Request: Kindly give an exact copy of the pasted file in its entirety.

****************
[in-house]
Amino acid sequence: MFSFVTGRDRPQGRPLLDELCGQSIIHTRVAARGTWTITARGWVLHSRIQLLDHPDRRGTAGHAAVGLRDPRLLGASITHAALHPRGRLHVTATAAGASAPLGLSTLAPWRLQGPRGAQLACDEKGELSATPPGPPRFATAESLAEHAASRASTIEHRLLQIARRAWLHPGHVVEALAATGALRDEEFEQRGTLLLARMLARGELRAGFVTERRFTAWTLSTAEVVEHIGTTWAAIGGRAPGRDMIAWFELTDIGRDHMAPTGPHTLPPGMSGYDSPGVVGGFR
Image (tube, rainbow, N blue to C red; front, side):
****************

[in-house]
Amino acid sequence: MFSFVTGRDRPQGRPLLDELCGQSIIHTRVAARGTWTITARGWVLHSRIQLLDHPDRRGTAGHAAVGLRDPRLLGASITHAALHPRGRLHVTATAAGASAPLGLSTLAPWRLQGPRGAQLACDEKGELSATPPGPPRFATAESLAEHAASRASTIEHRLLQIARRAWLHPGHVVEALAATGALRDEEFEQRGTLLLARMLARGELRAGFVTERRFTAWTLSTAEVVEHIGTTWAAIGGRAPGRDMIAWFELTDIGRDHMAPTGPHTLPPGMSGYDSPGVVGGFR
Image (tube, rainbow, N blue to C red; front, side):